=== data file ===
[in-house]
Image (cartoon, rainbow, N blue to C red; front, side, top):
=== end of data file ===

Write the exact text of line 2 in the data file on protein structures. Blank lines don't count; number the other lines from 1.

Image (cartoon, rainbow, N blue to C red; front, side, top):